Polo and Martin and Maltin among others aren’t the only ones to find that there are particularly virulent and vitriolic strains of fandom these days — and how the Internet may aid and abet said strains. Rob Bricken, former editor at io9 and self-described “professional nerd” has an excellent, autobiographical take on it from September 2019. It’s ironic that, as “nerd culture” is arguably triumphant, there is reason to be embarrassed by one’s nerdiness again (the Rick & Morty “Szechuan Sauce” incident has to be chief among examples).
So what about Star Trek?
I know. I’ve spent many a paragraph just now not discussing Star Trek, but as many of you probably gleaned, I wanted to lay out the landscape of modern fandom and its endemic umbrage, because –boy howdy– is that the same landscape where Star Trek sits.
People hateStar Trek: Discovery. They hate it just as passionately as any the aforementioned hate for Game of Thrones or Star Wars or insufficient Szechuan Sauce. As with many of these hatreds, there’s a mix of old Star Trek fans who really haven’t cottoned to anything since the original series or original cast films, the ones who really don’t like it because of it feels to visually akin to the JJ Abrams films (which are too “pew pew” for their tastes), and the ones who don’t like it because of the visual discontinuity of it being a prequel with way more modern looking production design than the 60s.
Aaaand then there are those who don’t like it for the same old, same old ugly reasons involving a character’s race or gender or both — which you really don’t want to believe exists until you spend a few minutes looking at some comment threads and experience some of the embarrassment that Rob Bricken talked about above.
Perhaps most vexing to those who dislike recent Trek for creative reasons is that those who dislike recent Trek for bigoted reasons frequently cite the same reason creatively displeased fans cite: that the current Trek is not “true Star Trek.”
I sympathize for the earnestly displeased Trek fans (not the bigots), but arguing “true Star Trek” really isn’t the line to draw expecting no one will cross it.
First, unless one owns the intellectual property rights, there’s very little one can do to assert what is or isn’t “true Star Trek” in any way that matters.
(For anyone who doubts this, I am happy to introduce you to some of the aforementioned cheerful intellectual property attorneys who are Star Trek fans, which includes some who aren’t enamored of recent Trek.)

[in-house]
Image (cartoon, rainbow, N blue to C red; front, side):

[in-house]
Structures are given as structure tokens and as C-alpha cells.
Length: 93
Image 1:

Second, true Star Trek includes Charles Napier as an exuberant singing space hippie.
And actually, he’s not the only one engaged in cringe-worthy singing.
(According to some, this is the greatest moment in DS9.)
In other words, I think we can all take the fervor around “true Star Trek” down a notch.
I understand a lot of the critiques people have raised about more recent Trek even if I don’t agree with all the critiques. Not the bigotry, though. To quote Captain Kirk: “leave any bigotry in your in your quarters. There’s no room for it on the bridge.”
Fans of Star Trek are presumably ready to watch Star Trek because they want to see some of the same things they loved in the previous Trek incarnations. And if they’re not seeing anything to love, nothing that they loved in a previous version of Trek, it’s not illogical to ask, “Is this Trek?”
It’s also not illogical to conclude, “This is not my kind of Star Trek.”
Take, for example, the Michael Bay Transformers films. As near as I can tell, the pop culture cognoscenti and film critics in general have deemed them trash. Having seen the first film, I tend to agree, despite my general appreciation for John Turturro, Glenn Morshower, and seeing an AC-130 gunship in action.
It absolutely is Transformers and I don’t care for it. I could rage about the injustice of massive entertainment conglomerates ignoring me and my one data point of negativity — or I could get on with my life, perhaps revisiting the Transformers films when my expectations are appropriately managed. For example, I heard Bumblebee was pretty good and one of my kids was interested as well, so we might check that out some time.
Note that, in the case of Transformers, film critics and pop culture mavens have my back. They don’t like Transformers either. In fact, I haven’t heard any Transformers fans laud the films. But even with hundreds, nay probable millions of negative data points about the Transformers movies, they have continued to be commercially successful. Somebody likes them otherwise they wouldn’t make money. In fact, several somebodies must have watched every single one of Michael Bay’s Transformers films and liked them. That would make them, wait for it, Transformers fans.